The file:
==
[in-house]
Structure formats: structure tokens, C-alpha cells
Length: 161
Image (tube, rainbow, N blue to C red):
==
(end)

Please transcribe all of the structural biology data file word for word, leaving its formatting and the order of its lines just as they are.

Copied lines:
[in-house]
Structure formats: structure tokens, C-alpha cells
Length: 161
Image (tube, rainbow, N blue to C red):